Looking at both plots in the start of an at-bat, it is interesting to see the large difference between the two xResults because of the difference in the velocity. With a velocity of ~90 mph (median of the dataset used to create the model) we can see that almost everything in the strike zone is an expected swing with the exception the bottom part of the zone. We also see a lot of expected strikes called about a foot off the zone in both directions. This is interesting to note because it happens with the 95-mph fastball as well. In 0-0 situations, the strike zone is widened when a fastball is thrown. Also, while comparing the two different xResults you can see the xSwing zone move up ~6 inches in the 95-mph fastball’s xResults. The faster pitch results in a higher xSwing% up and out of the zone, while also leaving a lot more space for a xStrikeCalled down in the zone.

Now, let’s look at the xResults in a 2-2 count…


Looking at both of visuals together, the differences are very minimal. The model projects both pitches would get O-swings outside on a right-handed hitter, while also getting O-swings up in the zone. This should be expected because of the batter’s mentality at the plate with two-strikes. They want to protect the plate and themselves from a backwards-K, so they’re more aggressive with their approaches at the plate. While comparing the two xResults for the 2-2 counts shows little difference, comparing these two with the xResults of the 0-0 count shows how big of a role the count state plays on swing decisions.


Comparing the difference in counts between the median fastball velocity, we can see that the bottom of the xStrikeCalled area disappears in the 2-2 count versus the 0-0 count. Early in at-bats, the model predicts that batters will give up a low fastball in the strike zone to look at/attack other pitches that would be better to drive the ball. Compare this to a two-strike approach at the plate in the other two graphs, we can see that hitters are more protective of the bottom of the zone now, with the xSwing zone taking up the whole strike zone in the two-strike count. It’s also interesting to see the rise in the xSwing zone in the 0-0 counts between the two velocities. The model predicts that fastballs with more velocity up in the zone (as much as ~6 inches off the top of the zone) will get more swings at the start of an at-bat.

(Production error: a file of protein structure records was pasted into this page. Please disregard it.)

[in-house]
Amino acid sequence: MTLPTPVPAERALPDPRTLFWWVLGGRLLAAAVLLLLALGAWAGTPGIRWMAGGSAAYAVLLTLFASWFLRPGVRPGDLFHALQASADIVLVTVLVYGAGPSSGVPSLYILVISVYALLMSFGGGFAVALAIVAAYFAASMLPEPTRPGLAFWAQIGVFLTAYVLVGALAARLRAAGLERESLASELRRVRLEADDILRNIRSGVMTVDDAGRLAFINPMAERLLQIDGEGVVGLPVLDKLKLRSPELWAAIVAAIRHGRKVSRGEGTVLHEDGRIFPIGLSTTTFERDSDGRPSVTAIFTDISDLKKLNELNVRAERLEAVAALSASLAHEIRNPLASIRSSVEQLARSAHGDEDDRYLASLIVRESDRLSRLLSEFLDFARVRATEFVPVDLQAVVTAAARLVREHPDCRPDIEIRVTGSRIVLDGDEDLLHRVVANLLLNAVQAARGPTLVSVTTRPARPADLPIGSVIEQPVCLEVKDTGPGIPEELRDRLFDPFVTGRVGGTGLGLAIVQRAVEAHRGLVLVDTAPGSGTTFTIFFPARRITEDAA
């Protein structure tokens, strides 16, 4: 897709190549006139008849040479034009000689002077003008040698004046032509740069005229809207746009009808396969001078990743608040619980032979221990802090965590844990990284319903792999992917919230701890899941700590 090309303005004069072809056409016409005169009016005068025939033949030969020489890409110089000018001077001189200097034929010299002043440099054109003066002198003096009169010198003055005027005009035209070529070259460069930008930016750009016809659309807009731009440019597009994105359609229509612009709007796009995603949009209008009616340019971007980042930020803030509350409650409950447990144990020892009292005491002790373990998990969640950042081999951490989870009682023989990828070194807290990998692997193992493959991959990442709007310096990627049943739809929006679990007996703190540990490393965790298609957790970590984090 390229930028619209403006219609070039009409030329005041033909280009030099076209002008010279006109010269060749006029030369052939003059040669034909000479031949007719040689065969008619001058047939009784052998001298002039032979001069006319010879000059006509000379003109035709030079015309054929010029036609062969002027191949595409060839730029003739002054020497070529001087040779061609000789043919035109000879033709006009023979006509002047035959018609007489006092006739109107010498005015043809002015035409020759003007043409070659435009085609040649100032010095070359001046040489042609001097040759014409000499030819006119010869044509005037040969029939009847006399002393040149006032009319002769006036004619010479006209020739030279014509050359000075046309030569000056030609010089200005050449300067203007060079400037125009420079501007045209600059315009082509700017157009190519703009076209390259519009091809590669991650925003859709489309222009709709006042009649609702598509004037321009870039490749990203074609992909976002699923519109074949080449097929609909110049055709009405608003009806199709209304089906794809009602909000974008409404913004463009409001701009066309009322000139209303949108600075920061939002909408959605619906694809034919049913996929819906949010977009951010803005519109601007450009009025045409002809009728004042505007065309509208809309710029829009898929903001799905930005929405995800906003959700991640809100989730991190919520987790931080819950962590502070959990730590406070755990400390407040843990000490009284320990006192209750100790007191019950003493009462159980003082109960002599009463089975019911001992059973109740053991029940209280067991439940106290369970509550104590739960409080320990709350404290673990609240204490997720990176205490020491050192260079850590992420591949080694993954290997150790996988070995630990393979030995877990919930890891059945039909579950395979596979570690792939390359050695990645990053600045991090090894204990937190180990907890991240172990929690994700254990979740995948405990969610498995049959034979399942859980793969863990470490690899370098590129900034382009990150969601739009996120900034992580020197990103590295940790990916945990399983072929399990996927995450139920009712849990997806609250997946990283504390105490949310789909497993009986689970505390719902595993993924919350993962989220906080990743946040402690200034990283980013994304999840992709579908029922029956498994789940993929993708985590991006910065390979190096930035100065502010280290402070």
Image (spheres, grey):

It’s also interesting to look at the small differences in the xSwing zones of the 2-2 counts. Again, we know that batters are going to be more aggressive here to protect the plate to defend against a looking strikeout, but you could also draw another conclusion from this. The conclusion here could be that in 2-strike counts, velocity’s effect on the batter’s decision making is minimal. In these counts, the batter is just looking to make contact and avoid being struck out regardless of how fast the pitch is coming at them. However, knowing the effect of velocity is minimal in 2-strike swing decisions, we can still expect that the swings against average velocity would have better batted-ball outcomes compared to the swings against an above average fastball, and thus is why above average velocity is so performant.

In our next few posts, we’ll be looking at two more uses for the model: In one, we’ll be comparing the expected stats versus the actual stats of pitchers from the 2021 season. In the other, we’ll be comparing the xResults of two different movement profiles for curveballs to see which the model predicts would be better to use: 12-6 curveball versus the slurve.